By SARAH KLEPNER
He’s a Red Bank fixture – if the term applies to a seemingly always-on-the-go nonagenarian in a wheelchair.
Anyone who has spent enough time in the vicinity of Broad Street has probably seen John Barnes matter-of-factly walking his dog from a motorized wheelchair, undeterred by heavy traffic, other dogs or health challenges.
So, how does he manage it?
“It’s hard,” said Barnes, a sharp-eyed, 93-year-old Brooklyn native and World War II veteran. “You gotta work together. You never know what he’s going to do.”
Case in point: a curious Golden Retriever one Friday evening caught Terry’s attention and the two spent a moment exchanging sniffs.
“I’ve had him since he was a puppy,” said Barnes. “We’ve been doing it so long, he’s used to it. We go out every day, sometimes twice. I used to walk him, then I got the mobile chair. You just gotta keep the battery charged.”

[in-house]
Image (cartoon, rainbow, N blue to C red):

Barnes’ nephew, John Edel, helps him out around his house, on Hudson Avenue.
“He’s a sweet guy. When I was a kid, he always took time to have fun.”
Barnes was among the first of the United States’ Army to invade Italy, and made news when he happened to meet his brother, who was in the Navy, on the streets of Naples when both were on leave. After the war, he worked in sales in New York and New Jersey before he got hired at the Red Bank post office, where he became head dispatcher.
“I used to make movies,” Barnes said. “I made a hobby of it.”
His nephew concurred. “He would include the whole family, we’d all have a part. Years later, he’d bring the movies to Thanksgiving and show them.”
Does Edel worry about his uncle when he takes the dog for a walk?
“I can’t keep him in the house,” Edel said. “His whole life revolves around taking the dog out and talking to people. When I take the dog out, people ask me, ‘What happened to the old man?'”
Barnes struggles with arthritis, but doesn’t let it stop him.
“They tell you to stay out of bed,” he said, but “you can’t just lay there like a log.”